Sunday, I was a bit less sure of what I wanted to do, but a plan soon began to form as I set out. After securing my weekend bag in left luggage, I got on the Tube and headed to Charing Cross to begin a day of sightseeing on foot.
My first stop was Trafalgar Square to see the Fourth Plinth, currently home to this rather vibrant artwork:
Next, I planned to walk along the Mall to Buckingham Palace, and was pleased to learn that the Mall is actually closed to traffic on a Sunday, so I could walk safely along the middle of the road. For me, this was a rather bizarre experience. The Mall was filled with tourists snapping photos and selfies as well as runners and cyclists out enjoying the beautiful autumn morning, but all I could think about was the last time I was there – the final straight of the London Marathon in 2011 – and just like in Arromanches the previous Sunday, I suddenly found my mind flooded with memories: memories of my training runs with good friends, memories of the emotions I experienced during the course of that weekend, and memories of triumphantly turning onto the Mall to “sprint” for the finish. It seems that it’s not only my memories of Paris which are bound up with thoughts of running, it’s my London ones too, although perhaps not on quite the same scale.
For the next wee while, I spent a very pleasant morning strolling along the final mile or so of the marathon in reverse: The Mall, Buckingham Palace, Birdcage Walk and, after a brief detour into St James’s Park for some photos, Parliament Square and Big Ben. Finally spotting Big Ben as you shuffle along The Embankment in the final miles of the marathon is a huge relief as it means you’re nearly there and I vividly remember straining to spot the famous landmark as I made my way along there, buoyed up by the incredible crowd support.
And my epic adventure wasn’t over yet! I crossed Westminster Bridge, took a “flight” on the London Eye, then set off to walk along the South Bank past the Oxo Tower, Tate Modern, Globe Theatre and The Shard. It wasn’t quite the Rive Gauche of Paris, but It was still a lovely walk and a great way to spend a leisurely Sunday.
I spotted plenty more runners (I’m really not sure how they managed it given the crowds!) and what turned out to be some kind of artistic endeavour combined with preparations for a future Guinness World Record attempt. You really do see all sorts when you walk around a city!
This got me thinking about all the squat thrusts and burpees I must have done in Metafit. They’re probably my least favourite exercises so I wouldn’t really fancy what this guy’s doing, but I wish him all the best!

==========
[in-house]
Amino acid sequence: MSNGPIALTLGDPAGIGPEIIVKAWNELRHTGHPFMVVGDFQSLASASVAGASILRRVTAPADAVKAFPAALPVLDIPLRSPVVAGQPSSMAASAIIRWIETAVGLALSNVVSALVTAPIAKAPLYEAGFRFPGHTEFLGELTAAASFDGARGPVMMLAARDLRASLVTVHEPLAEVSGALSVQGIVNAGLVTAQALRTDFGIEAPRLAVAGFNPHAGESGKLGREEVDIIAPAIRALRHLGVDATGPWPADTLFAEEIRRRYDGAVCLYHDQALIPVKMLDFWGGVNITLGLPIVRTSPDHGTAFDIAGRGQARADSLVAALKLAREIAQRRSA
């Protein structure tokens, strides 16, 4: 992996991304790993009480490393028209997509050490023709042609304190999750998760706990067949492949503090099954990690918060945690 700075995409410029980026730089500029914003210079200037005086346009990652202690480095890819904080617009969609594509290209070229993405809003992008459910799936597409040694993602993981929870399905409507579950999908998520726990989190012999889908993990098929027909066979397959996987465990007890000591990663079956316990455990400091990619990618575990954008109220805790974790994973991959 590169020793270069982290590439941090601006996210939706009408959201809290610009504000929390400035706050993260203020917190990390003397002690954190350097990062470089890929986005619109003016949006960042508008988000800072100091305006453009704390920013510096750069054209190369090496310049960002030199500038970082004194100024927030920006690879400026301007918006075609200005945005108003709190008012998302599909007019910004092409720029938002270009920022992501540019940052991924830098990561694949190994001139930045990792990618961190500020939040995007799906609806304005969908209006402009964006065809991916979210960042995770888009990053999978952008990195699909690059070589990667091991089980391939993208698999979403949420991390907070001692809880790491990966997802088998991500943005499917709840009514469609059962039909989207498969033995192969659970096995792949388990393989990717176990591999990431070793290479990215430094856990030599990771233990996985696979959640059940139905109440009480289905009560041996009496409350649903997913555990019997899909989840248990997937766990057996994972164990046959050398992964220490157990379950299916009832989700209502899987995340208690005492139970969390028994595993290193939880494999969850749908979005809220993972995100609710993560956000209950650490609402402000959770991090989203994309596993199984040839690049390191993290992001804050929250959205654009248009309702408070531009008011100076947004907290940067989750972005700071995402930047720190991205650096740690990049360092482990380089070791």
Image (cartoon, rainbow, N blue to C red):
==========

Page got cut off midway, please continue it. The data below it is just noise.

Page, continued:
I concluded my walk when I reached another memorable landmark: Tower Bridge. When running the London Marathon, arriving at the bridge marks near enough the halfway point, and the crowd support here is unbelievable. Beyond the bridge is an out and back section taking in Canary Wharf and the Docklands, before passing Tower Bridge again ahead of the final 5k. Tower Bridge is always a highlight of the race for many, and I again found myself reflecting on my experiences of both running and spectating in the area.
Crossing the bridge allowed me one final glimpse of the poppies before it was time to head back to the station and meet Steve for our journey home.
My “Sunday Stroll” ended up being around 10 miles (according to my Garmin Vívofit) and I was more than ready to get comfortable on the train and reflect on my day. I very much enjoyed my visit to London, but I just don’t feel as comfortable there as I do in Paris. I prefer the Rive Gauche to the South Bank, The Vélib to the Boris Bike and the Eiffel Tower to the London Eye. The London I like is the London of marathon weekend, the London where people are friendly and encouraging, where strangers stop you on the street to congratulate you on your achievement or look at your medal, and it feels like the whole city is pulling together in support of all the runners. It’s a London that looks (and sounds) like the London in this video (and yes, I have this music in my running playlist and have been known to get a lump in my throat mid-run!):
That London makes me feel both pride and a welling up of emotion, but I don’t feel that at other times, unlike in Paris. Maybe it’s because Paris was my first marathon, and you never forget your first, maybe it’s something else, but my experiences over the course of these two trips confirmed for me that Paris truly is my favourite city in the world and I’m not sure that will ever change. Indeed, why should it?
What’s your favourite place in the world, city or otherwise?
What places trigger strong memories for you?
What would be your dream running destination?